SASE: The new king of security consolidation

Originally coined by Gartner in a 2019 report, secure access service edge (SASE) is one of the fastest-growing buzzwords among vendors, customers and analysts alike as it provides a revolutionary solution to the growing onslaught of cyber threats.

Enterprises currently face a number of challenges when migrating to the cloud, including performance, latency, data movement, control and visibility among others. While they are rightfully concerned about these challenges, existing cloud security vendors don’t materially improve the security efficacy in any way. The detection-based legacy security stack has simply found a new home in the cloud.

At a high level, enterprises have three simple problems they are trying to solve: Provide a malware-free internet experience to employees; perfect control and visibility for sanctioned and unsanctioned applications; and, lastly, deploy a zero-trust way of accessing private applications without the clunkiness of VPN infrastructure. SASE provides for an architecture in the cloud that makes this possible, and the underpinning in all these use cases is better security.

With SASE, the benefits from necessary network security layers -- such as data loss prevention (DLP), cloud access security brokers (CASBs) and secure web gateways (SWGs) -- are all consolidated into the cloud itself. With numerous aspects of security placed in a one-stop shop, everything an organization needs is located in a consistent, cohesive and integrated platform. Customers aren’t required to become acquainted with different integrations and formats for every solution. This drives down the total cost of ownership and provides an enormous return on investment.

Barriers to entry: UX, cost and scale

Isolation is rapidly becoming a requirement to deliver on the promise of SASE, but cloud security vendors must overcome significant challenges to deliver unmetered isolation at scale across the three use cases:

  1. User experience – The tradeoff between security and UX has been an ongoing challenge, but it has become more pronounced with the shift to remote work. When deciding between security products or services, if users don’t perceive a recognizable improvement between what they’re currently using and a potential replacement, there’s no incentive to change and most will avoid it altogether.
  2. Cost – Especially in the era of COVID-19, agencies have tighter budgets and must reevaluate their security strengths, weaknesses, opportunities and threats. The biggest challenge for many is cost. If a security vendor offers the best solution in the world, but is 10 times more expensive than the next best competitor option, it doesn’t stand a chance with most agencies.
  3. Scale – In order to deliver valuable security, a solution must address multiple issues across a wide user base. In the past, it’s been possible for organizations to just rely on security layers such as isolation or proxies for a limited set of users, but the future will require the full stack, including these and others such as CASB and DLP, in order to efficiently provide proper security for a much larger user base.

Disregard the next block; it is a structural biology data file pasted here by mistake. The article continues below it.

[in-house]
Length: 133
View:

Federal government leading the pack

Even though SASE is applicable for all industries, it has already demonstrated its impressive potential within a few verticals. Industries that deal with highly sensitive data or that were required to make rapid changes due to the shift to remote work, such as financial services, health care and government, have been some of the early SASE adopters.

One federal agency needed to overhaul its entire security infrastructure. Modernizing the existing appliance-based architecture was cost prohibitive and would not address current threats, so officials ultimately decided to shift to the cloud. Following a competitive and lengthy bidding and trial process, the agency awarded a contract for its new approach to secure remote work. This re-architected security infrastructure provides secure internet access for several million users across the globe. Due to the sheer scale of the project and volume of users, this deployment will become the largest Secure Web Gateway and ultimately SASE deployment, in the world.

Even in early stages of implementation, there have been dramatically improved results. For example, the agency witnessed a 70% reduction in the files that are coming down to the endpoint and a 40% reduction for services requiring larger bandwidth. By rerouting its non-mission-essential web browsing traffic, it has reduced the stress on the VPN infrastructure from a peak utilization of 94% down to roughly 50%. These positive results are just the beginning of the evidence of the business impact from a modernized security architecture.

In the rapidly changing security industry, technology buzzwords and promising innovations often take on a life of their own, leading to widespread misconceptions around emerging trends. However, by emphasizing security and understanding how an isolation core can place an uppercase S in SASE, agencies of all kinds can maximize ROI and exponentially enhance their security posture.

About the Author

Kowsik Guruswamy is CTO of Menlo Security.


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